Good performance of built-up, single-ply, or modified bitumen roofing applied on low-slope roofs requires a stiffer deck than does prepared roofing applied on pitched roofs. Although Span-Rated panels used as roof sheathing at maximum span are adequate structurally, an upgraded system is recommended for low-slope roofs. Table 10.25 lists maximum spans for low-slope roof decks. Live loads can be determined from Table 10.24, and minimum fastener requirements are given in Table 10.26.
Rated Sheathing is equally effective under built-up roofing, asphalt or glass-fiber shingles, tile roofing; or wood shingles or shakes. Roof trusses spaced 24 in c to c are widely recognized as the most economical construction for residential roofs, particularly when 3â„8- or 7â„16-in, 24/0 sheathing with panel clips is used. However, use of fewer supports with thicker panels, for example, 23â„32- or 3â„4-in, 48/24 panels over framing 48 in c to c, is also cost-effective for long-span flat or pitched roofs.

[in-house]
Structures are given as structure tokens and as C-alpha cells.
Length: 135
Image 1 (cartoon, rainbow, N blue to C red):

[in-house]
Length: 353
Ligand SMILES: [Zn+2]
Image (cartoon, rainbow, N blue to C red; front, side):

Live loads are given in Table 10.24. Nailing provisions are given in Table 10.26.
When support spacing exceeds the maximum length of an unsupported edge, as given in Table 10.24, provide adequate block, tongue-and-groove edges, or other edge support such as panel clips. Some types of panel clips, in addition to edge support, automatically assure recommended panel spacing. When required, use one panel clip per span of less than 28 in and two for 48-in or longer spans.
Preframed Roof Panels
Spans of 8 to 12 ft are usually the most practical with preframed panel construction which are typically used in large low slope roof applications, although spans up to 30 ft are not uncommon. Unsanded 4 x 8-ft panels with stiffeners preframed at 16 or 24 in c to c are common. The long dimension of panels typically runs parallel to supports. Stiffeners and roof purlins provide support for all panel edges. Minimum nailing requirements for preframed panels are the same as for roof sheathing.
For preframed panels 8 x 8 ft or larger, the long panel dimension may run either parallel or perpendicular to stiffeners spaced 16 or 24 in c to c. Placing the long dimension across supports may require edge support such as panel clips or cleats between stiffeners at midspan in accordance with Table 10.24.
Deflection limits are 1/180 of the span for total load; 1/240 for live load only.